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PostPosted: Wed Feb 13, 2019 6:32 am
 


BeaverFever wrote:
DrCaleb wrote:


BeaverFever wrote:
Anyone who can’t make badic inferences from context whenever someone doesn’t use the precise technical term wouldn’t have made it to university.


So you *interpreted* that as an insult.


Make up your mind. Do you want me to read deeper meanings into sentences that are absolutely clear, or do you want me to try to pan for nuggets of wisdom where you didn't intend any?

And yes. That's exactly what you did. By not seeing the hidden meaning in "I’m 41, I think I’ll see petrochemicals become a secondary energy source during my lifetime. ", I must not be smart enough for university was a pretty lame attempt at an insult. Git gud scrub.

If you didn't make your meaning clear in that sentence, own it Beave. Dragging this out for a couple more pages isn't going to make that sentence look any more factual. And I'm perfectly willing to drag this out for a few more pages, just to prolong the discomfort. :twisted:


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PostPosted: Thu Feb 14, 2019 3:22 pm
 


Douwe wrote:
Electric locomotives are already widely used in Europe and there is no reason why they could not be used in the US and Canada, especially if these two countries decide to modernize their rail systems with high speed rail.


1. High speed rail? In Canada? Really?

No, not really: https://www.cbc.ca/news/canada/london/h ... -1.4915058

2. As far as the US is concerned high speed rail is a raging clusterfuck. California pooched it big time with the costs ballooning from $9bn in 2008 to over $100bn today. And this past week the new Governor declared that the system will not be built out any further than the current phase that's under construction and due to be completed in just another fourteen years. :roll:

3. High speed rail is not going to occur across the USA or Canada due to the fact that the trains would be too slow and too expensive compared to airplanes.

4. Rail across the USA and Canada will never be electrified because neither country will pay the price to electrify 137,000 and 31,000 miles of rail (respectively).

5. Canada will never electrify its railroads for the same idiotic reasons you people can't build a fucking warship, fighter, airliner, or etc. Your politicians (any party) will so fuck up the plan that it will die on the vine but only after untold billions are squandered on the damn thing.

:idea:


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PostPosted: Thu Feb 14, 2019 3:30 pm
 


We CANNOT within the course of this decade set a man on the surface of the moon abd return him safely to Earth. Let alone fight major war single-handed and guarantee civil rights at the same time.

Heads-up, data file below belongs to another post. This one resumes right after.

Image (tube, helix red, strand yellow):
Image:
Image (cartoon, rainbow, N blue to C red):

It's EITHER jobs or the environment.

Tonight on PBS: Cantservative folk songs of the 1960s.


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PostPosted: Thu Feb 14, 2019 3:32 pm
 


herbie wrote:
We CANNOT within the course of this decade set a man on the surface of the moon abd return him safely to Earth. Let alone fight major war single-handed and guarantee civil rights at the same time.
It's EITHER jobs or the environment.

Tonight on PBS: Cantservative folk songs of the 1960s.


Like Stairway to Heaven, you've heard it so many times for so fucking may years, you wanna PUKE when they still play it every two hours....


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PostPosted: Thu Feb 14, 2019 3:36 pm
 


1) Canada can build airliners, but only because the government perpetually props up the half-assed company that makes them with endless corporate welfare. Saving jobs or not, the sad reality of Canadian aerospace is that they can't make it on their own. Then again neither can the American companies, because without military contracts sustaining them outfits like Boeing would have disappeared a long time ago.

2) High-speed rail might be something better suited for temperate climates. Not sure the same benefits can be achieved in Canada that are in Britain, Japan, or France. They don't get our winters so the jury could be out on that one. Parts of the US could probably benefit from it but it seems stranded in stupidity thanks to the usual opposing sides, i.e. the eco-everything freaks vs the denialist nuts who would like to see cars run on coal. Doubt this will ever be rationally solved simply because the participants don't want it to be.


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PostPosted: Thu Feb 14, 2019 3:37 pm
 


herbie wrote:
We CANNOT within the course of this decade set a man on the surface of the moon abd return him safely to Earth. Let alone fight major war single-handed and guarantee civil rights at the same time.
It's EITHER jobs or the environment.

Tonight on PBS: Cantservative folk songs of the 1960s.


Herbie, bottom line here is that if high speed rail was such a great idea then private companies would have done it already. Ditto electrifying the railroads.

If it really was cheaper and more efficient then it would also be PROFITABLE.

But it isn't.

And you can pound your head and throw all the temper tantrums you want and you still won't be able to change that reality.


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PostPosted: Thu Feb 14, 2019 3:49 pm
 


Short of anti-gravity or teleportation technology, there is no real option here.

Speed is nice, but capacity is king. And, the world's largest cargo craft carries less than 2 rail cars.